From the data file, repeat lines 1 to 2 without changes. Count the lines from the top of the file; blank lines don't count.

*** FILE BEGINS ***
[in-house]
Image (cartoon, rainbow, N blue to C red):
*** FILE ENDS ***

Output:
[in-house]
Image (cartoon, rainbow, N blue to C red):